You are called to find your rest in Christ, to accept who you are and not to imitate Apollo (physical form and beauty) or the Cyborg (technology and progress) in reaching for perfection, for they are redeemed in Christ as well. Christ has already accomplished perfection and we are perfected in Him; “you have been made complete [perfect] in Him” (Col. 2:10). And through Christ we can extend his example of perfection to the world. “For I am confident of this very thing, that he who began a good work in you will perfect it until the day of Christ Jesus" (Phil. 1:6). Stop striving for a perfect ideal you can never reach. The Psalmist writes, “Be still and know that I am God” (Ps. 46:10). This is a very difficult task for perfectionists. Our charge is to accept the perfection of Christ, to accept that we have been accepted in Him! 
 
Notes 
 
1. Natalia Ilyin, Blonde Like Me: The Roots of the Blonde Myth in Our Culture (New York: Touchstone, 2000), 111. 
2. Ibid. 
3. Ibid., 112. 
4. Ibid., 113. 
5. Pink, "Perfect" in Greatest Hits...So Far!!! La Face Records, 2010. 
6. Philip Kitcher, The Lives to Come: The Genetic Revolution and Human Possibilities (New York: Tounchstone, 1997), 188. 
7. Ibid., 19. 
8. Andy Clark, Natural-Born Cyborgs: Minds, Technologies, and the Future of Human Intelligence (New York: Oxford University Press, 2003), 15. 
9. Ibid., 26. 
10. Donna J. Haraway, "A Cyborg Manifesto: Science, Technology, and Socialist-Feminism in the late Twentieth Century" in Posthumanism, ed. Neil Badmington (New York: Palgrave, 2000), 69-84. 
11. Clark, Natural-Born Cyborgs, 26. 
 
© 2011 Probe Ministries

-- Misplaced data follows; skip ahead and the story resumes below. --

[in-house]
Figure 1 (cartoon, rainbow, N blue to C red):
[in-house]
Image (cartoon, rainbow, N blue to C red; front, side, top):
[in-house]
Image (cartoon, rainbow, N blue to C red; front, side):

About the Author 
 
Dr. Lawrence Terlizzese  is a research associate with Probe Ministries. He holds both a Th.M. and Ph.D. in Theological Studies from Dallas Theological Seminary, and a B.A. in Biblical Studies from Columbia International University in Columbia, South Carolina. He is the author of two books, Trajectory of the Twenty First Century: Essays in Theology and Technology and Hope in the Thought of Jacques Ellul. He can be reached at lawrence@probe.org. 
 
What is Probe? 
 
Probe Ministries is a non-profit ministry whose mission is to assist the church in renewing the minds of believers with a Christian worldview and to equip the church to engage the world for Christ. Probe fulfills this mission through our Mind Games conferences for youth and adults, our 3-minute daily radio program, and our extensive Web site at www.probe.org. 
 
Further information about Probe's materials and ministry may be obtained by contacting us at: 
 
Probe Ministries 
2001 W. Plano Parkway, Suite 2000 
Plano TX 75075 
(972) 941-4565 
info@probe.org 
www.probe.org